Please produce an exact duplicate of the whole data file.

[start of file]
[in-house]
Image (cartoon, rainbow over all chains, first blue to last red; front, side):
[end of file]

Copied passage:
[in-house]
Image (cartoon, rainbow over all chains, first blue to last red; front, side):